It is a humbling experience, getting corrections on your taiji form by a member of the Chen family. This past weekend, I spent two days at a workshop in Madison, Wisconsin, where Chen Huixian -- a Direct In-Chamber Disciple of her uncle, Grandmaster Chen Zhenglei -- gave corrections on the Laojia Yilu form. Her husband, Michael Chritton -- a Certified Coach of the Chen Village Taiji Training Center of China -- helped provide feedback and corrections.
Everyone needs a coach to let them know when they need a tweak to get back on track. Training as I do here in the Quad Cities, without an official "teacher" since 2006, I need occasional hands-on corrections by someone at a higher level.
I got it this weekend.
Chen Huixian did not try to take us through the complete form. She asked what we wanted, and the group asked to spend more time on corrections and less time rushing through the choreography. Most of us know the form and some of us learned it through a different branch of the Chen family (I studied with teachers and disciples of Chen Xiaowang and Chen Xiaoxing) so we do some of the movements in a slightly different way. Not better, just different.
I was grateful every time she gave me feedback. Once, when I was overcompensating for some instruction on a movement to sink the hips, she demonstrated how my movement was exagerrated and said, "Don't do that!" The memory makes me laugh because that's the type of thing I would say to my students. Sometimes, when I am thinking about feedback, I drop my head as I contemplate the movement. Once when I did that, she loudly said, "Ken, the answer is not written on the floor!" Hilarious. And true. I'm going to use this.
Michael made a lot of good suggestions during the 12 hours of training. One little tweak there, one suggestion there, always given with courtesy and insight.
The main problem that follows a great workshop is retention.
After both days, I went through the movements of the day in my mind, scribbling down feedback on each movement as much as I could remember. It really helps down the road.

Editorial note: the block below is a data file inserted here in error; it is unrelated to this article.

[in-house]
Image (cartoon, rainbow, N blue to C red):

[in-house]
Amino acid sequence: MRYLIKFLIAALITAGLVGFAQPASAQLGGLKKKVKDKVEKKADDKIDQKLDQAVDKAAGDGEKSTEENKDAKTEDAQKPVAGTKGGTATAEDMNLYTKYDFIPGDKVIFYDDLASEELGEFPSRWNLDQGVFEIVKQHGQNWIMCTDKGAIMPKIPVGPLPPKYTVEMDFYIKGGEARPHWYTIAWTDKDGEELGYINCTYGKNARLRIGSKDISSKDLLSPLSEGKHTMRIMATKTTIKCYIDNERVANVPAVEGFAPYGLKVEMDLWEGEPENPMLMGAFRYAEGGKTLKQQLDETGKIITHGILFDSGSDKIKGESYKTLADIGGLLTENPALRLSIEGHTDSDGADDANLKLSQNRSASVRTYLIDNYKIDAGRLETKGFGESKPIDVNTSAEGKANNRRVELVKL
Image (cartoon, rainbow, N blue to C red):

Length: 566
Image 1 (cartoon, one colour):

The workshop included a little stance-holding, trying to maintain a posture as Chen Huixian worked around the pavilion, one person at a time. That type of workout will test the leg strength of the most muscular person, and often, by the time she gets to you, the legs are shaking from fatigue. This is not your YMCA taiji where you aren't supposed to break a sweat. When you are put into the correct posture, Chen Huixian will ask, "Leg burning?" Yes, the leg is burning. She will smile and indicate that it is a good thing.
When done properly, taiji training is a grueling workout. The expression they use for the required pain is "eating bitter." The skill you get from eating bitter -- eventually -- is sweet. Or so they tell me. I've had a regular diet of bitter for 15 years. I'd like an order of sweet, please. Stat!!
The Key to Taiji Progress - Baby Steps
The secret to making forward progress in the internal arts is taking one baby step at a time. That is impossible without occasional hands-on corrections from someone at a higher level. I love it, and as Nancy and I drove back home Sunday night from Madison, about three hours away, I was excited the entire drive home.
And now, the hard work begins -- taking the notes and incorporating them into practice -- again and again! In November, I plan to attend the Chen Zhenglei workshop at Chen Huixian's school in Overland Park, Kansas, the largest suburb of the Kansas City metropolitan area. The goal is to improve one more baby step or two, and then get new corrections in November.
I will work on shortening my stances just a little, maintaining peng through both legs, and some other little things that I wrote down that include relaxation of the hips, spiraling, foot stability and more details about specific movements that I have not been taught before.
It is part of the lifelong journey that is taijiquan. And it's the knowledge that corrections help you get even better that make the journey so much fun.